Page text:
Runner-up 4. 19 April 2009 Tyumen, Russia Carpet (i) Russia Konstantin Kravchuk Kazakhstan Alexey Kedryuk
Russia Denis Matsukevich
3–6, 7–6(9–7), [13–15]
Winner 5. 8 August 2009 Moscow, Russia Clay Russia Ilya Belyaev Serbia David Savić
Russia Artem Sitak
1–6, 7–6(7–5), [12–10]
Runner-up 6. 25 April 2010 Grasse, France Clay Russia Ilya Belyaev France Olivier Charroin
France Vincent Stouff
6–4, 2–6, [3–10]
Winner 7. 13 November 2011 Geneva, Switzerland Hard (i) Russia Igor Andreev United States James Cerretani
Canada Adil Shamasdin
7–6(7–1), 7–6(7–2)
Runner-up 8. 3 March 2012 Casablanca, Morocco Clay Russia Andrey Kuznetsov Italy Walter Trusendi
Italy Matteo Viola
6–1, 6–7(5–7), [3–10]
Runner-up 9. 16 June 2012 Nottingham, Great Britain Grass Russia Andrey Kuznetsov France Olivier Charroin
Austria Martin Fischer
4–6, 6–7(6–8)
Winner 10. 29 January 2017 Rennes, France Hard (i) Russia Mikhail Elgin Austria Julian Knowle
United Kingdom Jonathan Marray
6–4, 3–6, [11–9]

Performance timeline[edit]

Key
W  F  SF QF #R RR Q# A P Z# PO G F-S SF-B NMS NH
(W) Won; (F) finalist; (SF) semifinalist; (QF) quarterfinalist; (#R) rounds 4, 3, 2, 1; (RR) round-robin stage; (Q#) qualification round; (A) absent; (Z#) Davis/Fed Cup Zonal Group (with number indication) or (PO) play-off; (G) gold, (F-S) silver or (SF-B) bronze Olympic medal; a (NMS) downgraded Masters Series/1000 tournament; (NH) not held. SR=strike rate (events won/competed)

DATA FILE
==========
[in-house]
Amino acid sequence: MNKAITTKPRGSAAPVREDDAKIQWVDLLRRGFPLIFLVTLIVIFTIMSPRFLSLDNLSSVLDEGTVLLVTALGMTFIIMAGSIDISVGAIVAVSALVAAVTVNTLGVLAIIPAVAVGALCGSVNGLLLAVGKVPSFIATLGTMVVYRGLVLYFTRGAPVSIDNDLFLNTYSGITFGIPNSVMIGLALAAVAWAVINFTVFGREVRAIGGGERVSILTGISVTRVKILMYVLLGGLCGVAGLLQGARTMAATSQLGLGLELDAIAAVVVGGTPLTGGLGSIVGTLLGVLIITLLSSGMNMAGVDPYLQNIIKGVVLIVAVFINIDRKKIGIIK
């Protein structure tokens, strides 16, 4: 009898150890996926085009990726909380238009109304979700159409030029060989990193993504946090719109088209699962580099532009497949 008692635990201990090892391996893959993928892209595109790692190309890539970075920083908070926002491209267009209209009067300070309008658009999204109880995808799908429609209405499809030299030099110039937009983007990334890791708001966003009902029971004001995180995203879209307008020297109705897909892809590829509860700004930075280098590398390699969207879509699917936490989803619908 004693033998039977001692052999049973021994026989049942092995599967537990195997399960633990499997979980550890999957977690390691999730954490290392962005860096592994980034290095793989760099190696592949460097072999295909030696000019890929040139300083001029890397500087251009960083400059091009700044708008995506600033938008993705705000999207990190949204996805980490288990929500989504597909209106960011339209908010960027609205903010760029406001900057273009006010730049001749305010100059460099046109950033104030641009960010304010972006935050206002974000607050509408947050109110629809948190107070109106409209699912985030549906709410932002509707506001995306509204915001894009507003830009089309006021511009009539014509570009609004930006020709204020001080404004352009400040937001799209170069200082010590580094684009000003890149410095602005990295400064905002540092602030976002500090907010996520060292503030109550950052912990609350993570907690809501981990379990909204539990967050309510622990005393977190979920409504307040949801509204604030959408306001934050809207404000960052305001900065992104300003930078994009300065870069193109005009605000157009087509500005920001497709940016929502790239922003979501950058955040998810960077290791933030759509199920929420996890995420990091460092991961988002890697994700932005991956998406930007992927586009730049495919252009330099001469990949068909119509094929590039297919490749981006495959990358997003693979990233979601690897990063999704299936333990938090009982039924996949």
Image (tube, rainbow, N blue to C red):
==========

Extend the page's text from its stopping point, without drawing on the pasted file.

To avoid confusion and double counting, these charts are updated at the conclusion of a tournament or when the player's participation has ended.

Current through the 2018 US Open.

Singles[edit]

Tournament/Year 2010 2011 2012 2013 2014 2015 2016 2017 2018 SR W–L
Grand Slam tournaments
Australian Open A Q1 Q1 3R A Q1 2R Q3 2R 0 / 3 4–3
French Open A Q2 Q1 2R Q2 Q3 1R 1R 1R 0 / 4 1–4
Wimbledon A A Q1 1R 1R Q2 1R 1R 1R 0 / 5 0–5
US Open Q1 Q2 A 3R 1R 2R 1R 2R 1R 0 / 6 4–6
Win–Loss 0–0 0–0 0–0 5–4 0–2 1–1 1–4 1–3 1–4 0 / 18 9–18

Doubles[edit]

Tournament/Year 2013 2014 2015 2016 2017 2018 SR W–L
Grand Slam tournaments
Australian Open A A A A A A 0 / 0 0–0
French Open 1R A A 1R A 2R 0 / 3 1–3